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#13 Marnie

A psychological thriller in a similar vein as Spellbound and Vertigo, this film is a love story that revolves around a provocative woman and her mysterious ways. The woman is seemingly afraid of thunderstorms and certain colors, all the while determined to steal money from her employers without any hesitation or regret. Of course there must be a reason for this inexplicable behavior, and who better than a distinguished gentlemen looking for love to help get to the bottom of it. Sean Connery in his only Hitchcock film plays the wealthy widower intrigued by the troubled woman, effectively played by Tippi Hedren in her second and final Hitchcock film following her breakthrough role in The Birds.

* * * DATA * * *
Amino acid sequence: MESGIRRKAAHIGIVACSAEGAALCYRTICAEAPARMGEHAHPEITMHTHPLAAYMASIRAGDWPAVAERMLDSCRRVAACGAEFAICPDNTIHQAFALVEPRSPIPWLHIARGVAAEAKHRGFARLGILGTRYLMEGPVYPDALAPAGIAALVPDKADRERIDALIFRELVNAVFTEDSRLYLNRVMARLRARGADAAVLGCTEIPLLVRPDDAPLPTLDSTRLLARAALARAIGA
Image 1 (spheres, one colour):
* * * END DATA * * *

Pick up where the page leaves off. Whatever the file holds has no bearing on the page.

There is legitimate chemistry, or at times a deliberate lack-of chemistry, evident between Connery and Hedren on screen accentuated by the display of vivid emotions and feelings of desperation that the script calls for. For instance a controversial rape scene took Hitchcock out of the good graces of his screenwriters, however in retrospect it may have brought the best out of the actors while putting an emphasis on the strain and tension built up throughout the film. Although the plot feels convoluted at times while Hedren is continuously and voluntarily self destructive, by the time it comes to its resolution there is an adequate explanation that makes her behavior justifiable. The flashback scene at the end is a stand out (despite potentially some “over-acting” by Hedren) and the film’s mystique is ultimately it’s best quality, as the relationship between Hitchcock and Hedren would captivate film scholars for the many years that followed.

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